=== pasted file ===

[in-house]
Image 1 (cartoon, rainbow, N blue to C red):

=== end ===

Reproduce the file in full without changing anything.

[in-house]
Image 1 (cartoon, rainbow, N blue to C red):